Introduction and background


( Toolbox )


Climate change poses a tremendous threat to people, and nature, but that threat is not felt evenly. Climate change is a magnifier of injustice. It will drive inequality and intolerance. Climate change is bad news for everyone. Climate action, which we will explore in the Toolbox, requires deep and rapid transformations in society. However, institutions and sectors – including museums – are often unprepared for these transformations. Action is woefully insufficient to address the challenge.

The Toolbox brings together information on climate change policy, sustainable development and the Sustainable Development Goals, and a number of approaches that museums can draw on to inform their activities. The Toolbox explores some of the ideas that were generated through the project Reimagining Museums for Climate Action, which included a design competition, exhibition, website and book.

The Toolbox consists of a variety of approaches that you can pick and choose from, depending on your context, challenges, and aspirations. It is not intended to be the last word on the subject, or to be read from start to finish as a single tool: think of it as a go-to manual.

Climate change is complex, and the challenges, and appropriate responses, vary from place to place, and community to community. That is why this collection is a Toolbox, rather than a tool or a toolkit.

The Toolbox has been formatted to be used on a computer screen. Hyperlinks are embedded in this file, to access further information. If you do plan to print this document, please think of the environment, print only what you need, and print double-sided.

It is suggested that all readers explore the questions in section b, as well as sections on climate impacts (section c), climate mitigation (section d), climate adaptation (section e) and human rights and climate change (section f). Finally, all readers should explore section r, which includes current opportunities to take part in climate action.


Climate change poses a tremendous threat to people, and nature, but that threat is not felt evenly. Climate change is a magnifier of injustice. It will drive inequality and intolerance. Climate change is bad news for everyone. Climate action, which we will explore in the Toolbox, requires deep and rapid transformations in society. However, institutions and sectors – including museums – are often unprepared for these transformations. Action is woefully insufficient to address the challenge.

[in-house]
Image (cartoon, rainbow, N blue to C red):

This Toolbox draws upon a number of foundational concepts and frameworks. Among these are:

  • The United Nations Framework for Climate Change and the Paris Agreement, and Action for Climate Empowerment
  • Climate mitigation (reducing emissions) and climate adaptation (coping with change)
  • Agenda 2030 and the Sustainable Development Goals
  • Disaster Risk Reduction approaches
  • Human rights, climate justice and a just transition
  • Education for Sustainable Development and other relevant pedagogies
  • Differentiated national and institutional responsibilities in relation to climate change and sustainable development
  • Nature’s role in climate action, and supporting positive relationships with nature

The Toolbox aims to help you understand how each of these relates to climate action, and gives practical links and actions to help you make use of them in museums, to support people’s individual and collective responses to climate change.


This Toolbox aims to strengthen the connections between six contemporary concerns:

  1. The scientific and political consensus that drastic action is required to address climate change.
  2. The recognition that the world’s challenges – social, economic and environmental – are interconnected and can’t be tackled in isolation from one another, as set out in Agenda 2030 and the Sustainable Development Goals.
  3. The widespread calls for greater action on climate change from the public.
  4. The commitment from the international museum sector, made in 2019, to accelerate its activity in support of sustainable development, using Agenda 2030 and the Sustainable Development Goals as its blueprint to do so.
  5. The recognition of the key role that museums and cultural institutions have in supporting the achievement of Article 6 of the UNFCCC and Article 12 of the Paris Agreement (Action for Climate Empowerment) by governments at COP24 and COP25.
  6. An acknowledgement that museums are implicated in the unsustainable world we live in – with its social, economic and environmental challenges – and a sustainable future requires different forms of institution and museum practice.